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10+ Signs That You’re Not Ready for Full-Time Freelancing

by Laura Spencer

on April 22, 2013

in Freelancing Basics

Learn how to earn $125 or more per hour as a freelancer - Free Test Drive

Are you really cut out for full-time freelancing?

Even if you’ve already been freelancing on a part-time basis, you still might not be ready for full-time freelancing. Full-time freelancing requires persistence, commitment, and passion. Not everyone is happy as a freelancer.

If you’ve never freelanced before, you may have even more trouble deciding whether you should become a full-time freelancer.

How can you tell whether full-time freelancing is for you? The decision can be a tough one.

In this post, I’ll share a list of ten signs that you might not be ready for full-time freelancing. If you find that one or more of these signs fits you, think twice before jumping into freelancing full-time.

If you liked this post, you may also like Why I Failed at Freelancing.

Warning Signs That You’re Not Ready to Go Full-Time

While there’s no foolproof method for predicting who will succeed at full-time freelancing and who will fail, there are some general areas that all potential freelancers should consider.

(When you evaluate yourself against this list, it’s important to be brutally honest if you want to make a good decision. And besides, your answers are private–no one else will know unless you tell them.)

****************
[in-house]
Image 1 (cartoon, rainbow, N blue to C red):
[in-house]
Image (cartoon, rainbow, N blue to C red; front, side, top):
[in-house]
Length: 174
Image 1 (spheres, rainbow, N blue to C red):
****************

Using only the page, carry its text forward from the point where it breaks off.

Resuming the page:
Here are ten signs that you might not be ready to go full-time:

  1. You’re currently financially stressed. Many freelancers who start on a part-time basis find the extra income from freelancing to be helpful. But the income is just that–extra. When you become a full-time freelancer, you must totally rely on the money you bring in from freelancing. Many new freelancers are not ready for the irregularities of freelancer pay. If you are already deeply in debt, your first freelancing famine cycle could wipe you out.
  2. You don’t work well by yourself. Do you need a little prompting to get your work done? Do you rely on feedback and instructions from your supervisor and peers? Or are you able to work with little or no supervision? If you find that you rely heavily on others to complete your tasks, you may not be ready to freelance. After all, freelancers work more or less independently. There won’t be a boss to push you along and there may not be peers available to answer questions.
  3. You are unwilling to market yourself. Many would-be freelancers underestimate the importance of marketing for the freelancer. The truth is that most freelancers have to market themselves every single day. Marketing is how you will connect with your freelance clients. If you feel uncomfortable about promoting your freelancing business or are unwilling to do it, then full-time freelancing is not the right career choice for you.
  4. You have trouble getting along with others. You don’t have to be an extrovert to be a full-time freelancer, but you do need good social skills. Basic courtesy and respect are a must. You also need to be able to interact with those who have opposing viewpoints. You may work alone as a freelancer, but your freelance business success still depends upon your ability to interact well with others.